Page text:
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The US Forest Service Wants You to See Fall Colors – No Matter Where You Live

A surreal blend of colors harkens at winter yet provides peaceful warmth to fall on the Nez Perce National Forest in Idaho. While some may feel fall colors signals the end of summer, others see it as the beginning of the rebirth of spring. (U.S. Forest Service)

A surreal blend of colors harkens at winter yet provides peaceful warmth to fall on the Nez Perce National Forest in Idaho. While some may feel fall colors signals the end of summer, others see it as the beginning of the rebirth of spring. (U.S. Forest Service)

What to see, when to see it, and where to see it is what the U.S. Forest Service 2013 Fall Colors web pages are all about — making the colors of fall that much easier to find, appreciate and understand.

The glorious colors that come with autumn across our nation should not be missed. From New Hampshire to Arkansas and from Alaska to Virginia, and nearly every state in between, the changing shades of leaves from green to brilliant reds, vibrant oranges and golden yellows is a must see.

Fall leaves contrast with the marble stairs on the World War I Memorial in Washington, D.C. Urban forests also offer a plethora of colors as the season changes. (Courtesy Robert Westover)

Fall leaves contrast with the marble stairs on the World War I Memorial in Washington, D.C. Urban forests also offer a plethora of colors as the season changes. (Courtesy Robert Westover)

Every year the Forest Service updates and improves upon its Fall Colors web pages and this year is no different. Aside from the popular standbys like our toll-free Fall Colors Hotline that lets you listen to which forests and grasslands are peaking, and an interactive map that lets you click on the forest nearest you, we’ve added a map that will show you when the leaves are peaking in your state.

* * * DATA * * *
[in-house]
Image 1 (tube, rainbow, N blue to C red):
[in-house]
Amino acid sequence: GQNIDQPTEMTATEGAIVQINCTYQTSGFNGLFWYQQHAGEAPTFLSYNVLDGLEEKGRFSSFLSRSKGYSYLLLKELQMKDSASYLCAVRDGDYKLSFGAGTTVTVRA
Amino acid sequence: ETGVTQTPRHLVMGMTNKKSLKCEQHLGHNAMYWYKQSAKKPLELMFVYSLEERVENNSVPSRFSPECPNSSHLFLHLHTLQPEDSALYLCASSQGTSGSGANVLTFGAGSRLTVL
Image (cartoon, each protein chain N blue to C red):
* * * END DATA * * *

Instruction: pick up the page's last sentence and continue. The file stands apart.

The new leaf peaking map is pretty simple to figure out. It’s color coded so green is for no change, red means leaves are peaking and brown lets you know the color is basically gone and winter is on its way.

Cities are also festooned with colors in fall as well. The Forest Service works with many municipalities across the country to help keep what we call urban forests healthy. These oases of nature in the middle of the hustle and bustle of city living are particularly stunning as the leaves of thousands of trees begin to change, set against the backdrop of mirrored skyscrapers, manicured parks and street lamp-lined roads.

The Forest Service also manages millions of acres of grasslands throughout the mid-section of the country from Texas to North Dakota. Seeing the tall grasses and wildflowers of fall is yet another natural beauty to behold.

So let the Forest Service help you plan your 2013 Fall Colors adventure!

Amongst the falling leaves, you might discover the frost flowers of dittany (Cunila origanoides). Its former light blue flowers have come and gone, its seed cast to the wind, but from the base of their stems you may be lucky enough to see what looks like curling ribbons of ice-- one last gem of their blooming glory-- a frost flower. (Courtesy of Kathy Phelps)

Amongst the falling leaves, you might discover the frost flowers of dittany (Cunila origanoides). Its former light blue flowers have come and gone, its seed cast to the wind, but from the base of their stems you may be lucky enough to see what looks like curling ribbons of ice-- one last gem of their blooming glory-- a frost flower. (Courtesy of Kathy Phelps)

2 Responses to “The US Forest Service Wants You to See Fall Colors – No Matter Where You Live”

  1. Thomas Fulton says:

    Wow-very beautiful-inspiring!

    Thanks.

  2. Dave Armlovich says:

    The Forest Service should have a fall blog for each forest or state that the public can use to report on Fall colors.

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